talvikorppi

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About talvikorppi

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  1. I freely admit I haven't amassed book quotes for this idea. It was just a passing thought. Such talk would be tried or be under wraps, But the truth will out. Maybe should be explored (or probably has). It's just something that sprang to my mind. I was just thinking in the common sense way. Whispers, then open talk of the "madness" of the ruling family - and it was open talk, even back in Dunk&Egg's day - undermine the central monarchy. Let's put it this way. The Targ kings were not universally loved by the lords or the smallfolk. Add a few whispers of "madness" and you can see how the central government (king) is undermined, letting local lords seem the "sane" alternative, the good ones who provide for the people etc. Whispers or royal family "madness" would tie the smallfolk even tighter to their lord, actually letting local lords keep their power, if they keep faith and provide.. And we're talking about power here, aren't we? I guess my point is that the "Targ madness" story was propagated and spread by powerful lords, because these rumors worked for them. Weakened the central goverment = let high lords have power and influence.
  2. I'd add a third reason. A big "fuck you" to his sister and the whole of Westeros. (His irritation and antagonism with JonCon is relatively minor compared to how he feels about his sister... His family... All of Westerosi society, in fact) I find your second idea (testing (f)Aegon) a refreshing one. I'll have to think about that. Thank you for providing delicious food for thought.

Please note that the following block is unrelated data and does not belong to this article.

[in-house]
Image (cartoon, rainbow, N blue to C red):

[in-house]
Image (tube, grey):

3. Haha, Jaime really sucks at keeping oaths and vows. He keeps doing things for love, or for the greater good. He's our walking, talking piece of evidence that Westeros-type vows/oaths suck. (not that he thinks that way. He's now trying to keep all his vows, even rejecting Cersei's sexual advances.) I bolded that bit to highlight two things. One, the king is actually his son, not just any king. Two, he doesn't actually believe Tyrion and Sansa killed Joffrey. He doesn't know who did, but he doesn't think it was Tyrion/Sansa. Jaime is a foolish romantic compared to his smart and practical and cynical little brother. (Though Jaime can be wonderfully sarky, too, especially in his inner monologue.) Tyrion will be alligned with Dany, it'll be interesting what this means to Jaime/Cersei and Jaime/Tyrion. (Unless Jaime is dead by then, which is a possibility.)
  4. The problem with this scenario is that he is a kinslayer of the worst kind (killed his father). Even if he wins Casterly Rock through the sewers or through Dany's dragonfire, he won't be beloved or even popular in the Westerlands. Demon monkey and all that. Unfair, yes. The lords and smallfolk would prefer his tall, golden brother... Jaime doesn't want Casterly Rock, but could we see a real rift in the brotherly love developing here? (It's so pointless, Tyrion warring for something Jaime doesn't even want.)